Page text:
Cambridge Dictionaries online Cambridge Dictionaries online

The most popular online dictionary and thesaurus for learners of English

Turkish translation of “trouble”

See all translations

trouble

noun
 
 
/ˈtrʌbl/
PROBLEMS [C, U] B1 problems, difficulties, or worries
sorunlar, güçlükler, endişeler
[+ doing sth] We had trouble finding somewhere to park. She's been having a lot of trouble with her boss recently. I'd like to go to the party, but the trouble is my parents won't let me.InconvenienceDifficult things and peoplePreventing and impeding
the trouble with sb/sth B2 used to say what is wrong with someone or something
Neyi var?', 'Derdi ne?', 'Ne oldu?'
The trouble with a white floor is that it gets dirty so quickly.Difficult things and peoplePreventing and impeding
NOT WORKING [U] a problem that you have with a machine or part of your body
sorun, dert, tasa
back trouble car trouble Difficult situations and unpleasant experiencesAccidents and disasters
FIGHTING [U] B2 a situation in which people are fighting or arguing
maraza, kavga, karışıklık, belâ, anlaşmazlık
The trouble started after a group of drunken football fans started to throw bottles.Violent or aggressiveUnkind, cruel and unfeelingTreating people or animals badlyArguments and disagreements
DIFFICULT SITUATION [U] B2 a difficult or dangerous situation
zor teklikeli bir durum
The company was in trouble and had huge debts.Advantage and disadvantageDifficult situations and unpleasant experiencesAccidents and disasters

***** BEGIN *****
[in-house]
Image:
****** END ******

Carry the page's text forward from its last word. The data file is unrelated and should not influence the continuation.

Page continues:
PUNISHMENT [U] B1 when you have done something wrong and are likely to be punished
zorluk, sıkıntı, hata, kusur, dert, sorun
Her children are always in trouble. They got into trouble with the police.Punishing and punishmentsPunishing by causing painHitting and beating
EXTRA WORK [U] B2 when you use extra time or energy to do something
belâ, sıkıntı, çaba, zorluk
[+ to do sth] He took the trouble to write to each of them personally.Inconvenience
(Definition of trouble noun from the Cambridge Learners Dictionary English-Turkish © Cambridge University Press)
Add Cambridge dictionaries to your browser to your website

Definitions of “trouble” in other dictionaries

Word of the Day

work out

to exercise in order to improve the strength or appearance of your body

Word of the Day

Byronic, Orwellian and Darwinian: adjectives from names.

by Liz Walter,
April 15, 2015
Becoming an adjective is a strange kind of memorial, but it is often a sign of a person having had real influence on the world. Science is full of examples, from Hippocrates, the Greek medic born around 460 BC, who gave his name to the Hippocratic Oath still used by doctors today,

Read More 

bio-inspiration noun

April 13, 2015
the adoption of patterns and structures found in nature for the purposes of engineering, manufacturing, science, etc. The MIT researchers actually aren’t the only robotics team to turn to cheetahs for bio-inspiration.

Read More